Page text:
Jack Hillen‘s knee was pinned between the boards and Calgary’s Lance Bouma as Bouma out all his weight into the hit. Just eight minutes into Thursday’s home opener, Hillen was hurt and needed assistance to leave the ice, unable to put any weight on his leg.
If Tom Wilson doesn’t make the Washington Capitals roster out of training camp, he will return to the Plymouth Whalers knowing he did all he could. On Friday night, Wilson had a goal, an impressive fight, and drew a penalty in another fantastic game for the 19-year-old Canadian.
Capitals rookie defenseman Steve Oleksy is pretty tough customer too. Midway through the third period of Sunday’s game, as Giroux tried to glove the puck, Oleksy delivered a big, clean, open-ice hit on the Flyers captain.
Steve Oleksy isn’t the most talented hockey player on the Washington Capitals, but he may very well be the smartest. That’s why he earned a three-year deal from George McPhee. The Management major from Lake Superior State University always seems to make the right play on the ice. And he’s pretty tough.
After nailing six-foot three-inch James Wright high with a hit, the Jets forward threw a few punches at Oleksy, but Binky kept his composure. Instead of retaliating and potentially taking a minor penalty with a 2-0 lead, Oleksy waited for the Capitals to regain possession of the puck to take care of his business.
That’s why on Saturday, as they played each other for the second time in 16 days, all hell broke loose. First, Mike Ribeiro fought Brad Marchand, and Matt Hendricks laid down the law with Nathan Horton. Then, in the third period, as Shawn Thornton tried to get Hendricks to drop the gloves, Hendy bloodied his fists in a fight with Adam McQuaid.
In the third period, with the Capitals down 3-0, Oleksy tried to spark his team, dropping mitts with Carolina Hurricanes’ center Drayson Bowman. Oleksy, who fought elevent times as a member of the Hershey Bears this season, manhandled Bowman. He landed the first punch, a haymaker that dropped Bowman to the ice, and then landed four more rights before respectfully pulling back.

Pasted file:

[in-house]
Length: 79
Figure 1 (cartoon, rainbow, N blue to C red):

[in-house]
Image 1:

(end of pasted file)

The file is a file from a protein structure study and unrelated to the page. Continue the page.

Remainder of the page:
Ladies and gentlemen, Karl Alzner‘s first NHL fight occurred tonight against everyone’s favorite antagonist, Steve Downie. Alzner landed one solid right, took a few punches to the visor, and then wrestled Downie to the ice when things started looking a little dicey. How awesome is that though?
Even more incredible is the fact that Alzner chirped at Downie after he reported to the penalty box. This comes from one of the most mild-mannered players in the NHL. I seriously would love to know what Downie said to start this.
Ever since the Panthers beat the tar out of the Lightning 7-4 on Monday, they’ve struggled to put the puck in the net. On Tuesday, they traveled up to DC to face former teammate Tomas Vokoun and got blanked 3-0. Thursday, the trend continued. Down one goal to the Sabres after 30 minutes of listless hockey, Florida was looking for momentum.
Enter Matt Bradley.
After a neutral zone faceoff, the former Capital skated with purpose towards Paul Gaustad and shoved him. You know what happened next.
Dustin Stevenson and Aaron Schmit settle their differences with their fists. (Video via Suzanne K.)
On Saturday, during the third and final scrimmage of the Caps’ Development Camp, the prospects turned the physicality up notch in front of a capacity crowd at Kettler Capitals Iceplex. There were three fights, each of them featuring a different combatants.
In the first period, 2009 sixth-round draft pick Garrett Mitchell got in his third throw-down of the week, challenging Group B’s Mike Bovin after a rough run. The two traded a few punches before Mitchell lost his balance and were separated by officials.
In the second stanza, Dustin Stevenson — a 6’5” behemoth — got in his second fight of camp and did so with a bit of flair, bending over and chucking his helmet through his legs before engaging Aaron Schmit. Stevenson got the upper-hand of the altercation, despite absorbing several heavy shots from Schmit at center ice.
SHOE’s Kyle M. has supplied us with the 100 pictures he took of the fight from the Giant Center’s photo-well. His pictures slow down the thirty-second altercation into a work of art, expertly capturing all the essential elements of a good fight: the grappling, the punches, the emotion, and the knock-out blow. Enjoy!